Video: Flying over the craters of dwarf planet Ceres

29 January 2016

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  • dwarf planet Ceres

    Dwarf planet Ceres

    The flight emphasises the most prominent craters on Ceres and the mountain Ahuna Mons. The movie was created by using images acquired from Dawn's high-altitude mapping orbit (HAMO).

The dwarf planet Ceres would be quite an uncomfortable place if one were to actually stand on its surface – with a rather 'chilly' temperature of minus 60 degrees Celsius by day, which gets colder during the night. Hard, frozen ground and craters spanning kilometres – in all shapes and sizes. This is Ceres. In the vacuum, the visitor would be surrounded by silence – although, when out for a stroll, the crunching of the ground underneath would certainly be audible. So getting a closer look at Ceres from the Dawn spacecraft is much more comfortable. Planetary researchers at the German Aerospace Center (Deutsches Zentrum für Luft- und Raumfahrt; DLR) have created a film with camera data acquired by the Dawn orbiter while at a distance of 1450 kilometres from the dwarf planet’s surface. The film offers a several-minute flight over the varied crater world and its mountain Ahuna Mons. "The simulated overflight shows the wide range of crater shapes that we have encountered on Ceres. The viewer can observe the sheer walls of the crater Occator, which come close to the north face of the Eiger, but also Dantu and Yalode, where the craters are a lot flatter," explains Ralf Jaumann, planetary researcher at DLR and a scientist for the US Dawn mission.

A surface – young and old

Scientists from the DLR Institute for Planetary Research used 2350 images to generate a realistic view of the icy dwarf planet. As part of this, contrast-enhanced real colours show the variety of materials found on the surface. Regions containing clay appear brownish: "On Earth, we would be able to make, for example, brick or terracotta, from that." The blue areas represent a surface covered with younger, fresher material. There, surfaces with sinks, showing flow and fault structures, are depicted. The Haulani crater, for example, looks fairly recent – blue and brown regions merge there. "It could either be that material was melted there through impact or that material has penetrated through from below." Under the crust, which could be up to 100 kilometres thick, it could be much softer: "The salts that are probably present on Ceres destabilise the ice and create a tough mush in the interior."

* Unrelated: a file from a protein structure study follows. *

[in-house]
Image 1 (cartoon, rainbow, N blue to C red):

Even the flanks of Ahuna Mons, a mountain approximately 6000  metres high, are covered with fresh material. "The material found here could be similar to that of the impact craters, where the interior of Ceres has made its way to the outside." However, the interpretation of the camera images is currently the subject of many discussions among the team of scientists in the Dawn mission. "We have many theories, but as yet no evidence," says Jaumann.

3D elevation model

With the Dawn spacecraft, planetary researchers have been able to investigate and explore two celestial bodies during one mission for the first time. Following a visit to the asteroid Vesta, the spacecraft is currently orbiting the dwarf planet Ceres. On 6 March 2015, Dawn reached its second, icy mission target, and has since been circling Ceres in ever-smaller orbits. In the meantime, from a distance of 385 kilometres above Ceres' surface, Dawn is sending images to Earth. "This data will also be used to compute a three dimensional elevation model of the surface," explains Jaumann. "Then, we will be able to fly over the different craters and regions in our films in even closer proximity."

The mission

The Dawn mission is managed by NASA's Jet Propulsion Laboratory (JPL) in Pasadena, which is a division of the California Institute of Technology. The University of California, Los Angeles, is responsible for overall Dawn mission science. The Framing Camera system on the spacecraft was developed and built under the leadership of the Max Planck Institute for Solar System Research in Göttingen, Germany, in collaboration with the DLR Institute of Planetary Research in Berlin and the Institute of Computer and Communication Network Engineering in Braunschweig. The Framing Camera project is funded by the Max Planck Society, DLR, and NASA/JPL.

Last modified:
03/02/2016 12:57:51

Contacts

 

Manuela Braun
German Aerospace Center (DLR)

Corporate Communications, Editor, Human Space Flight, Space Science, Engineering

Tel.: +49 2203 601-3882

Fax: +49 2203 601-3249
Prof.Dr. Ralf Jaumann
German Aerospace Center (DLR)

Institute of Planetary Research, Planetary Geology

Tel.: +49 30 67055-400

Fax: +49 30 67055-402